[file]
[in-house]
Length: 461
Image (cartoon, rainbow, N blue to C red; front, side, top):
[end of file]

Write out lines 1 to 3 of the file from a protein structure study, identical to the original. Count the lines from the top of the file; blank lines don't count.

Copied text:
[in-house]
Length: 461
Image (cartoon, rainbow, N blue to C red; front, side, top):